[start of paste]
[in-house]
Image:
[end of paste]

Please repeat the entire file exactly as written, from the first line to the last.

[in-house]
Image: